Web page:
We all grew up believing our male role models were invincible. Superman deflected bullets with his chest, Dad was the toughest guy in town, and President Kennedy’s head seemed to never explode. Callous reality, however, soon swept away the fog of precious childhood naiveté. These heroes and legends of our youth were tragically human, prone to the same caprice, doubt, and dishonesty indigenous to the human condition. Still, a brave few stepped forward to redeem the ideals of a disillusioned society. Each member of the brotherhood shared a common mark, binding them to the cause. Like animals, they were branded, though their burns did not originate from the unholy fire. These burns grew from hair on the side of the face and, through a process of complex linguistic evolution, became known as “sideburns,” a Latin phrase meaning “phallic supremacy.”

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Above: General Ambrose Burnside, credited as the Father of Sideburns. His body produced such an extraordinary amount of testosterone that the excess hormone sprouted from the edges of his sideburns and joined at a point above the upper lip, resembling a handsome mustache.

     Virtuous men everywhere carried on the sideburns’ legacy. Their love for this facial hair united the rich with the poor, and the cavaliers with the rebels. Victorian gentlemen, rock ‘n’ rollers, rednecks, and Civil War reenactors all wore the crest of raw masculinity throughout their days, living and dying by the buzz from the fuzz.

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Above: A proud heritage. The glaze in his eyes indicates a bright future ahead.

     People say first impressions are everything. What does one notice when he first meets a side-burned man? Surely good posture, a polite disposition, and a pleasant musk are among the most popular answers. (To the inconsiderate survey-taker who answered “buttface,” I will find you). Because the perception of others inevitably shapes our identities, we cannot risk an ambiguous feature, perhaps an unsightly mole, compromising the integrity of selfhood. Sideburns leave no room for error and show the wearer for what he truly is–either a “musician,” college professor, or an extra from Deliverance.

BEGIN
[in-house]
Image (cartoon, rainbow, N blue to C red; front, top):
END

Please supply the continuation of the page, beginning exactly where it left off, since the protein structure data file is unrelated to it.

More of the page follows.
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(You’ll know to squeal like a pig right away.)

     Unfortunately, just as the ends of the noble sideburns must never merge to form a beard, the entirety of this article cannot be contained in a single post. Check back soon for the thrilling account the author’s personal sideburn experience, as well as commentary on some of history’s greatest wearers. Goodbye, and may your cheeks never be cold.

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And so it begins. Introductions are unnecessary at this point, since I’m pretty sure my associates have already covered that. As you know, these posts can be about anything, ranging from what I ate at lunch today to my thoughts on moral philosophy. Regardless of the topic however, you should pay attention, because these will be the thoughts of some of the greatest minds that this earth as to offer.

(it’s kind of like this)
 In short, be prepared for anything.
Right now I am updating this from work via smartphone, and I am quickly leaning now inefficient and difficult this is. For this reason I will finish this post later tonight, so stay tuned for more action and suspense.
 Try not to stab anyone while I’m away.
—Anthony

The Maiden Voyage: A Daring Foray into the Blogiverse

By Dan Fitz

     Hello, readers. Whether you are new friends, old enemies, or presumed-dead former lovers, I would like to welcome you to the blog. Willed into existence by three of eastern Pennsylvania’s greatest minds, this site thrusts us into the realm of unlimited possibilities. Summoning the spirit of the conquistadors of old, we twirl our mustaches and bravely venture forth into cyberspace, a land full of strange peoples and magnificent riches.Image

(It looks crowded. Good thing we brought our smallpox blankets)

     Nobody knows what form this blog will take. Much like the very computer I am typing on, its mechanics, nature, and purpose are an utter mystery to the entire human species. All we can do is respect its power and appease it with the occasional blood sacrifice–my goats will not be pleased to hear about that.

     My only intention for this blog is nothing, and I take comfort in that fact. Beyond each post, there is no room for moralizations, idealogical crusades, or grammer checks. Pure expression wins the day. And nothing is better than that.

“It’s hard to imagine

That nothing at all

Could be so exciting,

Could be this much fun.”-David Byrne, Heaven